when it was Fordruim till it was Temair.
the rest here.
your FREE Tara wallpaper
(pictured above) which contains the verses on left.
The Mound of the
"Mound of the Hostages" is a megalithic 'passage tomb'
and is the oldest monument on the hill of Tara, dating to about
2,500BC. The name "Mound of the Hostages" derives from
the custom of overkings like those at Tara retaining important personages
from subject kingdoms to ensure their submission.
of the legendary kings of Tara was named Niall of the Nine Hostages
in recognition of the fact that he held hostages from all the provinces
of Ireland and from Britain.
passage at the Mound of the Hostages is short, and is aligned on
the cross-quarter days of November 8 and February 4, the ancient
of Samhain and Imbolc. Just inside the entrance on the left is a
large decorated orthostat.
picture shows the short passage at the Mound of the Hostages at
Tara. As a solar construct it is not as accurate as other passages,
which are notably longer, but according to Brennan (The Stones
of Time, 1994) the daily changes in the position of a 13-foot
long sunbeam are more than adequate to determine specific dates.
The passage would, without any doubt, also capture the light of
the Full Moon at certain times in the 19-year
cycle, specifically the minor standstill rising position.
the churchyard at Tara there are two standing stones, which are
believed to be ancient remnants of a time when there were
many stone monuments on Tara. The taller of the two stones is thought
to feature a figure of the Celtic fertility god Cernunnos, and is
similar to many of the 'Sheela na Gig' representations found across
Ireland. These stones may date to the Neolithic period, although
are more likely to have their origin in the Bronze Age.
the early histories it was noted that on this section of the hill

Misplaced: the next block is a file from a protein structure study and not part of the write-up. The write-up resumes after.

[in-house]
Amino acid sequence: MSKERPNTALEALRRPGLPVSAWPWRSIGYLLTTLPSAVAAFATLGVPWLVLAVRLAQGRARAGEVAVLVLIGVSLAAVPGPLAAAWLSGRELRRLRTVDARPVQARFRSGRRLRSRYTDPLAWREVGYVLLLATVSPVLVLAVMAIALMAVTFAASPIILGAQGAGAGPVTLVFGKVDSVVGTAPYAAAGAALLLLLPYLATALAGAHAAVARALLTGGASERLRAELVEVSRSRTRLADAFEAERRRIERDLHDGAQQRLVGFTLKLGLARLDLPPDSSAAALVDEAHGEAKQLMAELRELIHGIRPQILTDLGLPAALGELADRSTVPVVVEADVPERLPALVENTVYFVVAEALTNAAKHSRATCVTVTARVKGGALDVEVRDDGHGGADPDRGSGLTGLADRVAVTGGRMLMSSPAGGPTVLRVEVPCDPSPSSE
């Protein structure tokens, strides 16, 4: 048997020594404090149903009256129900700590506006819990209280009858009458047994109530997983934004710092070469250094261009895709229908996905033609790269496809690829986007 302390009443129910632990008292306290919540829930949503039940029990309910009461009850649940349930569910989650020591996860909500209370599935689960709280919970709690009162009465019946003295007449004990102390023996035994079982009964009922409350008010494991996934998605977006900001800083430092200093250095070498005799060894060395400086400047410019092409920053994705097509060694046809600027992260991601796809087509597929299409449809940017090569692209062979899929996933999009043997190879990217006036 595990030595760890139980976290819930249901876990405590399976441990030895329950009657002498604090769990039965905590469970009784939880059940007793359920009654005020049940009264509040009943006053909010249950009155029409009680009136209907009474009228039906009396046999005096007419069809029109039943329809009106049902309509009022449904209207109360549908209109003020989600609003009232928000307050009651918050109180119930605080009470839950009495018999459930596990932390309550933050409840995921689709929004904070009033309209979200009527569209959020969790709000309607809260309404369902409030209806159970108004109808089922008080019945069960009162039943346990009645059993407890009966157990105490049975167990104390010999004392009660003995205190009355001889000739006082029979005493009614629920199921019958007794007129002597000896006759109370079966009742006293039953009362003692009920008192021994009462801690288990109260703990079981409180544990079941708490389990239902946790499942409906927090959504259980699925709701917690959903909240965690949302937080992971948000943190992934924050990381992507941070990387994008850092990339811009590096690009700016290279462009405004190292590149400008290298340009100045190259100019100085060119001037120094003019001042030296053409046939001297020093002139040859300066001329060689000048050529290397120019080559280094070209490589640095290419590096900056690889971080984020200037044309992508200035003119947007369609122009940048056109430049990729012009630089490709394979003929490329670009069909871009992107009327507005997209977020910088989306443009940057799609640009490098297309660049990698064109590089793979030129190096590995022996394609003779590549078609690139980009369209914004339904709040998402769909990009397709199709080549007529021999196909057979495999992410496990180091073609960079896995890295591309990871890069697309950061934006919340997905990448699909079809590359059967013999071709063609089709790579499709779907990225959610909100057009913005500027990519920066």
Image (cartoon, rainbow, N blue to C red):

there once stood a monument called "The Cross of Adamnan"
commemorating a seventh century saint who called a church synod
at Tara to enact laws that gave greater rights to women.
documents about Tara named many standing stones on this section
of the hill Dall, Dorcha, Maol, Bloc and Bluicna.
Standing Stones of Tara also recall the legend that candidates
for the High Kingship of Tara had to drive their chariots toward
two sacred stones standing closely together. They remained closed
for the non-accepted candidate and opened a path only for the
above photo shows the great 'Banqueting Hall' at the Hill of Tara.
Click here to see great aerial pictures
of the Hill of Tara. Mythical Ireland has also reproduced the ancient
tale about how Tara got its name, from the old collection of placename
stories in the Dindshenchas - click
here to read this tale.
Threat to the Hill
Hill of Tara is under threat from the construction of a new motorway,
the M3, which is currently being built and will disect the tranquil Tara-Skryne valley and pose a threat
to many monuments which will doubtlessly be uncovered during its
construction. Already a unique hengiform site has been revealed at Lismullen, and this has stopped work on the motorway. Read up-to-date news about the whole M3 saga on out "Sites Under Threat" forum.
what the experts said about the M3 here. Support for this expert group has come from a number of sources,
not least the South African born Oscar-winning actress, Charlize
The Discovery Programme, Government Publications 1995.
Ordnance Survey Letters Meath, John O'Donovan, 2001.
The Tara Walk, Michael Slavin, 2000.
The Book of Tara, Michael Slavin, 1996, Wolfhound Press.
Martin Brennan, The
Stones of Time, 1994, Inner Traditions.
The Legend of Tara, Elizabeth Hickey, 1988.
Web pages of interest:
Programme - new information on Tara.
New monument discovered under Hill
Tara information from the Stone